"In 1962 Leupold invented and introduced the Duplex reticle. Virtually every other scope manufacturer has copied this basic style of reticle, and most of the copies are quite satisfactory. However, to this day nobody does a "plex" reticle quite as well as Leupold. We found out that in most Leupold scopes the actual reticle is made from fine platinum wire. The wide (outer) areas of the crosswire are created by flattening the wire. So simple, I never would have thought of it.


The statement on Leupold having the best Duplex reticle is highly questionable.  Based on what criterion?  Oh, and this self proclaimed expert did not know how the reticle is made before this visit.  How long has he been writing about scopes?


"The Leupold optics lab, which we visited, is unique in being the most sophisticated and capable privately owned lab of its type in the United States. It is equipped with all manner of sophisticated optical test equipment. This optics lab allows Leupold engineers and designers to test virtually any performance specification or optical formula. From this testing comes the ability to design new products and improve current products. Leupold also tests competitive products in this lab to keep on top of the industry."


Lab of what type?  All optical labs are a little different.  Heck, I can claim that the lab I have at work is the best on of its type.  Noone else has an identical lab.  It is a type of one.  Incidentally, did Chuck make a survey of privately owned optical testing labs around the country?  This is all off the shelf equipment with a few custom fixtures.  Once again, not rocket science.  Except to Chuck.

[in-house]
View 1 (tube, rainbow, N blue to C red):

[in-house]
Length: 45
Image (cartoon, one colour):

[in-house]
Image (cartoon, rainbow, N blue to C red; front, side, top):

"Like most manufacturers in the consumer optical business, Leupold outsources its optical glass. (There are actually only a few optical glass suppliers in the world, something I learned during my years in the photography business.) Various types of optical glass, formulated to Leupold's specification, are purchased from companies in Europe, Japan, and the U.S."


Glass and lenses are not the same.  Leupold buys coated lenses from the Orient and assembles them in the US.  Chuck is making it sound like they are just buying bulk glass.  That's BS.  The lenses are ground and coated elsewhere.  Mostly in Japan and Korea I think, although there are some rumors that some are made in China.  Leuold binocular.spotter stuff is frequently made in China.  That's common knowledge, but I am not sure if that has propagated to their scope line yet.


"As I have often observed about the optical industry, when you buy the best--contrary to what is commonly supposed--you are not paying more for the brand name. Rather, you are getting more than you paid for--and probably more than you realized at the time. Certainly this is true of Leupold scopes."


While this BS really does not require any additional commenting, I could not resist.  If you are buying Leupold, you are not buying the best.  And vice versa.  When, as a consumer, you buy a scope, you typically get exactly what you paid for.  Otherwise, you could immediately resell it and make money.